An urgent warning has been issued for 14 exposure sites across Melbourne after a hotel quarantine worker tested positive for coronavirus on Wednesday.
The infected Australian Open quarantine program staff member had visited popular shops including Kmart, Bunnings, Coles, Woolworths and a busy kebab shop.
Anyone who visited the effected sites, during the specified times from January 29 to February 1, must self-isolate and get tested immediately.
The Bunnings Warehouse at Springvale (pictured) has been listed as an exposure site for the time of 11:28am to 12:15pm on February 1
The Coles supermarket at Springvale (pictured) has been listed as an exposure site for the time between 5pm to 6pm on January 31
Melbourne’s Tier 1 exposure sites:
Brighton: North Point Cafe – 08:10-09:30 – 31/1/2021 – Case dined outside and used bathroom
Brandon Park: Kmart: 16:35-17:10 – 31/1/2021 – Case attended venue
Clayton South: Nakama Workshop – 11:15-12:00 – 1/2/2021 – Case attended venue
Heatherton: Melbourne Golf Academy – 17:19-18:35 – 1/2/2021 – Case attended venue
Keysborough: Aces Sporting Club (Driving Range) – 22:00-23:15 – 30/1/2021 Case attended venue
Keysborough: Kmart, Parkmore Keysborough Shopping Centre – 16:00-17:00 – 31/1/2021 – Case attended venue
Melbourne: Exford Hotel – 23:00-23:35 – 29/1/2021 – Case attended bottle shop
Moorabbin Airport: Lululemon, DFO Moorabbin – 17:00-17:45 – 1/2/2021 – Case attended venue
Noble Park: Club Noble – 14:36-15:30 – 30/01/2021 – Case attended venue
Springvale: Bunnings – 11:30-12:15 – 1/2/2021 – Case attended venue
Springvale: Coles – 17:00-18:00 – 31/1/2021 – Case attended venue
Springvale: Sharetea – 18:50-19:30 – 1/2/2021 – Case attended venue
Springvale: Woolworths – 18:30-19:30 – 1/2/2021 – Case attended venue
West Melbourne: Kebab Kingz – 23:24-00:15 – 29/1/2021 – Case dined outside
The shock positive test has snapped Victoria’s 28-day run of zero cases of community transmission.
There are now fears the 26-year-old, who last worked at the Grand Hyatt hotel on January 29 as a resident support officer for the Australian Open quarantine program, could have infected others – including hundreds of tennis and staff players preparing for the Grand Slam next week.
The worker is expected to have contracted the ultra-infectious UK mutant strain, and has a ‘high viral load’ – meaning any close contact may have received a high enough dose to become infected.
Premier Daniel Andrews on Wednesday night announced tighter restrictions for the state which spent 111 days in lockdown last year.
Under the new rules the limit on public gathering with half to 15 people (excluding children under 12), maks will become mandatory in public indoors spaces (excluding when eating) and the 75 per cent return to work cap will drop to 50 per cent.
The changes came into effect at 11:59pm on Wednesday night.
‘This is one case. There is no need for people to panic, there is no need for people to be alarmed,’ Mr Andrews said.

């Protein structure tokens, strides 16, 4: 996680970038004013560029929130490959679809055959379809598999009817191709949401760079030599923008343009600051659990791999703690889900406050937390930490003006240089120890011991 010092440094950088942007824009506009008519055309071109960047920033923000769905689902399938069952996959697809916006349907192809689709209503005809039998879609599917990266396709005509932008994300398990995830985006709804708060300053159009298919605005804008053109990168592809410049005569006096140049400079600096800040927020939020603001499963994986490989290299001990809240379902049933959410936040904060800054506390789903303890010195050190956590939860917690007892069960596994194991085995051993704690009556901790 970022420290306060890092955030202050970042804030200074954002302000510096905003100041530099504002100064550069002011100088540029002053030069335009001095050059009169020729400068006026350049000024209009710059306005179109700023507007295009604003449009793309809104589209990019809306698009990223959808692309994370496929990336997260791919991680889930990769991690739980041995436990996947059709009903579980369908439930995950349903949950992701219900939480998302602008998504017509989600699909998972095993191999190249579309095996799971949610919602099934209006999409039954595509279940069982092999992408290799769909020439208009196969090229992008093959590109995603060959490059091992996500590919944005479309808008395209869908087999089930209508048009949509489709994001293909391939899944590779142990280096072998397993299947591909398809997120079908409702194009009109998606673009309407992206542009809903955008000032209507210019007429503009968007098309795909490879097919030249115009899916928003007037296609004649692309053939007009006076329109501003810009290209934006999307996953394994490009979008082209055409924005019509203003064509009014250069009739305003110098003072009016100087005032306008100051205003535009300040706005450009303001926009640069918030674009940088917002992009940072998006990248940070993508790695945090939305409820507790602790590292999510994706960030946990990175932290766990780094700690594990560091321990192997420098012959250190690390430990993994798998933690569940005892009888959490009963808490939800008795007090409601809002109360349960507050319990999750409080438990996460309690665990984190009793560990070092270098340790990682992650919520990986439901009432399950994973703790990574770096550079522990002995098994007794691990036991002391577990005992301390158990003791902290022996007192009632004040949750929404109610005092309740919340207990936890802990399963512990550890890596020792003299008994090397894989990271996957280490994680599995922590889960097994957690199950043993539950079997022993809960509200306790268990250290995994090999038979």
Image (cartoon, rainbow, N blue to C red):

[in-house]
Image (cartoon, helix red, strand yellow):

‘(But) we have to assume that this person has in fact infected others. And it’s through that abundance of caution that I’m announcing the restrictions.’
There are now serious doubts about whether the Australian Open can proceed as scheduled on February 8.
The multi-million dollar event has been plunged into chaos with players and staff forced into lockdown – most for a second time.
A testing blitz is now underway with 600 tennis stars, officials and support staff identified as close contacts of the 26-year-old, who worked at the Grand Hyatt hotel.
The Grand Hyatt is one of three hotels used to quarantine tennis stars and staff, as well as the Pullman Albert Park and the View on St Kilda Road.
World number one Novak Djokovic is among the Australian Open players who have been criticised for complaining about having to quarantine in hotels. Djokovic is among several players with better facilities, such as rooms with balconies. Pictured: Djokovic on the balcony of his hotel room in Adelaide, Australia on Tuesday
The UK Covid-19 variant is thought to be up to 70 per cent more contagious than the initial strain of the corovavirus, and has already spread from one hotel room to another at separate Melbourne quarantine facility.
Some officials fearing even doors opening at the same time could let the mutant in.
As a result of the testing blitz and isolation orders, all Melbourne Summer Series matches at Melbourne Park on Thursday have been cancelled.
Ash Barty, Nick Kyrgios, Serena Williams, Stan Wawrinka, Victoria Azarenka and Naomi Osaka were just a few of the big name tennis stars due to play, with international stars only just free from quarantine.
The exposed players and staff, roughly half of the 1,200 flown into Australia and now released from their 14-day mandatory quarantine, can return to training after testing negative.
‘There will be no matches at Melbourne Park on Thursday. An update on the schedule for Friday will be announced later today,’ Australian Open tweeted.
Residents who have any Covid-like symptoms are urged to get tested as soon as testing clinics open from 8am on Thursday (pictured, health workers in Melbourne)
Mr Andrews said the new Covid case may have an impact on an Australian Open lead-up event on Thursday but did not foresee it would have an effect on the tournament itself.
‘There’s a number of about 500 or 600 people that are either players and officials and others who are casual contacts. They will be isolating until they get a negative test,’ Mr Andrews said.
It remains unclear how the infected worker contracted the virus, but contact tracing and genomic testing is now underway.
Mr Andrews said testing was paramount and told residents not to delay presenting to testing sites, which open from 8am.
‘If you’ve got symptoms or you’ve been at one of these sites, you’ve got to get tested. You can’t wait till tomorrow afternoon. You’ve got to go first thing tomorrow morning.’